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WHO and MSF appeal for funds for new meningitis vaccine

BMJ 2003; 327 doi: (Published 02 October 2003) Cite this as: BMJ 2003;327:769
  1. Fiona Fleck
  1. Geneva

    The World Health Organization and Médecins Sans Frontières (MSF) have launched an urgent appeal for funds to purchase six million doses of a new cut-price vaccine that would prevent a dangerous new strain of meningitis triggering an epidemic across sub-Saharan Africa early next year.

    Every year the disease—which kills at least 10% of those infected and leaves many more with brain damage, learning difficulties, and deafness—sweeps across the “meningitis belt,” a vast region from Ethiopia to Senegal where 350 million people live.

    Last year when the new strain of Neisseria meningitidis, known as W135, broke out in Burkina Faso, infecting more than 13 000 people and killing at least 1500, there was no vaccine.

    WHO said that now a new vaccine had been developed by GlaxoSmithKline Biologicals in cooperation with the Bill and Melinda Gates Foundation “in record time” and was available at 65p ($1.08; €0.94) a dose so that emergency stockpiles could bought for African countries.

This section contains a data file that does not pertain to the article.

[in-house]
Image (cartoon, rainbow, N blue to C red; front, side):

Similar vaccines have cost four to 50 times as much, but to produce the new vaccine at such a low price a minimum order of six million doses is needed, WHO said.

    “This is an urgent health situation which forces quick action,” said Dr Anarfi Asamoa-Baah, assistant director general in charge of communicable diseases at WHO in Geneva. “But if we can do it, we can ease suffering, save lives, and bring hope to tens of thousands of people who live in the direct path of this disease.”

    In total, £6m ($10m; €9m) is needed to purchase the necessary vaccines, syringes, and other material within the next few days to give manufacturers enough time to produce enough doses before the next wave of meningitis begins.

    So far, only one million doses have been ordered by MSF, and funds to purchase another five million are still urgently needed. Dr Bernard Pecoul, director of MSF's access to medicines campaign, called on governments to help with the funding gap.

    “MSF has decided to buy one million doses of the new vaccine to make sure we can respond to an epidemic that might start early next year,” Dr Pecoul said, adding: “But it's not enough. We often hear that governments say pharmaceutical companies need to do their share in making means available to developing countries to cope with public health needs. Well, today, where are the governments?”

    In December and June, countries in the meningitis belt are subjected to dry, dusty winds and cold nights that can result in an increase in upper respiratory tract infections and an increased risk of meningitis.

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